The palace air was tinged with excitement, its golden tendrils drifting casually among the marble pillars. Senators convened in corners and balconies, stubby fingers pinching grapes, apples, and pomegranates. Floating among the halls was the sound of a lute player practicing, her golden hair a mark of territorial interests, her soft voice crooning the language of conquest. But she was drowned out by the noises of lovers and friends, their soft whispers mixing with the smoke from the temples and the smooth swinging of women’s skirts.
Taking in this scene, how must the Emperor have felt? He must have felt at least a little of what Alexander did, gazing upon the lands that had fallen to his extraordinary capabilities. In his hand, the Emperor held a golden cup engraved with images of his ascendance to the throne, and upon his head rested a crown of golden laurels, the mark of a god walking among man. Within his heart were great hopes and high expectations, eclipsing even those of the men who had come before him.
He was a man on the cusp of greatness, his name waiting for the most precious gift man can bestow: immortality in the memory of mortals.
But as the historians dipped their quills in ink, and the women spun the tales that would soon become fact, a bit of dust landed on the scale of time. This little fragment, broken from the cliffside of chance, was enough to shift the balance. Like a tsunami, sweeping away the spoils of a city with swift, sudden severity, this change would leave bodies littered on once idyllic shorelines.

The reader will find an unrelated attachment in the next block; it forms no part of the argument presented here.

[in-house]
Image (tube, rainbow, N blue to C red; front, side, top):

As the sun arose over the seven hills, the centurions found a sleeping Emperor. As the sun set over the empire, the Senators found a country in chaos. Heirs and honest men conspired to prop up a falling pillar and watched all their prophecies disappear on the lips of a man without the strength to move his head. Historians gathered up their scrolls, readied their gray ash and quills, and the women covered up their fair hair, the jewels around their necks in shades that were muted and sombre.
No one thought he would wake.
But when he did, he was not the same. When a man sees Hades and still returns to the ones he loves, he bears a mark upon his soul. Like a tree struck by lightning, what had once stood tall was now charred and weak. The darkness in his eyes made once-boisterous Senators turn silent, the coldness in his touch made once-flirtatious women turn serious. The people that had once adored him now erected effigies of his likeness to burn.
They were right to fear, all of them. For the immortality the Emperor had hoped for would come, but not in the form of praise justly earned. No, for he would be remembered as one remembers a plague; with consternation, with sorrow, with memories of hopelessness, and most of all, with a desire for retribution that can never be exacted. He would be remembered for all the tears he drew from the city of Rome, a man who been given unchecked power and lost his senses in the space of six months. His name was Caligula, and his reign had just begun.